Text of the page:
Posts Tagged convertible-ultrabook
Fujitsu was the biggest promoters of Ultrabooks at CeBIT this year and although there were no new products announced they proved that there’s still development and marketing going on. The Fujitsu Lifebook T904 is one of the most desirable business-focused Ultrabooks out there and with its Wacom digitizer, removable battery, docking port and fantastic screen it has features that many of us would love to have on lower cost devices. I took a closer look at the T904 and focus on the digitizer that many of you have asked me about. In short I can tell you that it’s very responsive and would make an impressive tool for digital artists.
It’s one of the most Ultraboooky Ultrabooks out there. The Lenovo Yoga 2 Pro sits with the Sonyand the Samsung ATIV Book 9 as showcase devices that are fast, light, stylish and very very usable. The Yoga 2 Pro, however, differs in that it’s a convertible. You wouldn’t know it at first glance though because it’s under 16mm thick and weighs just 1400 grams / 3 pounds. You can’t tell an Ultrabook from it’s thickness and weight though so let’s get into the full review of the Lenovo Yoga 2 Pro
We’ve known about the sleek-looking MSI S20 Ultrabook convertible as far back as June of 2012. With Windows 8, MSI couldn’t launch the S20 until the official Windows 8 release date on October 26th. But in an Asus-like fashion, MSI left the S20 linger and left any details regarding its release date and price up in the air. Earlier this month, some 7 months after the first announcement, MSI is finally dropping details on when you can get your hands on the S20 Ultrabook and how much it will cost. Additionally we’ve got a fresh gallery of what is likely the final renders of the S20.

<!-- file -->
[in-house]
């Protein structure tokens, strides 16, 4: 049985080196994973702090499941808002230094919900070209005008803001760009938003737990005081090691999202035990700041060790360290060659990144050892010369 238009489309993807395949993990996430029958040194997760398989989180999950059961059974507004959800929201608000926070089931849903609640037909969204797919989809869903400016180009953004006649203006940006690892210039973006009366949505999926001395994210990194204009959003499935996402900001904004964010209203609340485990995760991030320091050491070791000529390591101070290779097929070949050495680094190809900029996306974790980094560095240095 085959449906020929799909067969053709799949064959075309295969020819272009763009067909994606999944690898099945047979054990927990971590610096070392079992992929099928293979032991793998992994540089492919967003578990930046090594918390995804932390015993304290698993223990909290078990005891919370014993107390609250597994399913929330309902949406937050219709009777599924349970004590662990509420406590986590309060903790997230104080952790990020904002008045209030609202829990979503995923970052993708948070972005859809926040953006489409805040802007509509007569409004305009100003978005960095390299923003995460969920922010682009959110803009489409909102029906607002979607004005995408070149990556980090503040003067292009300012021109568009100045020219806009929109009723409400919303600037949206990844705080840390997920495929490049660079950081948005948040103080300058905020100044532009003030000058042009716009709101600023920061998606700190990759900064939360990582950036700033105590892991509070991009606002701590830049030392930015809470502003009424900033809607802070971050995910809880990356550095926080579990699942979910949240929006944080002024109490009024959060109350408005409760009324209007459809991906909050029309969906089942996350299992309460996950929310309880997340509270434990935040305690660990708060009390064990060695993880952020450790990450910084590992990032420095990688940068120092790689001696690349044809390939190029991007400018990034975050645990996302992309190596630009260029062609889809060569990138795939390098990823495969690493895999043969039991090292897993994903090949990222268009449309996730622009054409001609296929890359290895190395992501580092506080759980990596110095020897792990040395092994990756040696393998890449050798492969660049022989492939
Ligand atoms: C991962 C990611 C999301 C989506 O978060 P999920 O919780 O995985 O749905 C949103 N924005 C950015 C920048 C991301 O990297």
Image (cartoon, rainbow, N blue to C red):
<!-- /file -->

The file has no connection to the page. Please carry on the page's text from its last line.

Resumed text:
Dell may be looking to reboot it’s screen-flipping netbook in Ultrabook form. The Inspiron Duo was a netbook offering from Dell which featured interesting convertible mechanics, wherein the screen flips around right inside of the bezel, allowing the device to function as a standard clamshell or tablet device. The netbook version of this didn’t sell very well, but the convertible concept might not have died with it. With Windows 8’s vastly improved touch functionality just around the corner, we’d love to see the XPS 12 from Dell.
There’s a lot of interest in the Lenovo Yoga. It has a few issues that will limit its use as a tablet but the starting price isn’t bad considering the design, the touch capability, Windows 8 and the fact that it’s the first Ivy Bridge Ultrabook pricing we’ve seen so far.
Unlikely to be a true Ultrabook but definitely part of a developing trend towards the convertible Ultrabook design is this Teso K116 ‘ultrabook’ spotted on Alibaba, the global trade portal, today by Netbooknews.
The detachable screen is designed in a similar way to the relatively successful Asus Transformer.
The Ultrabook news category got a little over-excited yesterday on news that Asus would be showing a touch-capable convertible Ultrabook at CES, despite the fact that it sounds like Intel put it together as a demonstrator and that it may not actually be that useful.
Tech journalists love stories that cut across multiple categories, especially a fledgling one and the keyword-stuffing that some editors did was interesting. Windows 8, iPad and MacBook Air were mentioned but very few people gave thought to whether this combination of all-round capability would be more, or less, than the sum of its parts. My opinion, below, is that the traditional convertible won’t be that successful and it might be better to focus on ‘ultraslates’ rather than ‘ultra-convertibles’ although I’m also proposing a very interesting alternative too that could be a breakthrough for Windows tablets.